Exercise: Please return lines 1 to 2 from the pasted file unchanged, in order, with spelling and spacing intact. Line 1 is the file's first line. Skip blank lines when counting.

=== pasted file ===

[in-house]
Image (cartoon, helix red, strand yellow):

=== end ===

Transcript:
[in-house]
Image (cartoon, helix red, strand yellow):